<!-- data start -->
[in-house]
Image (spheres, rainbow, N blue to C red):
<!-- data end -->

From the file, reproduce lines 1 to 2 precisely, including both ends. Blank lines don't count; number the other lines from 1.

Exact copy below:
[in-house]
Image (spheres, rainbow, N blue to C red):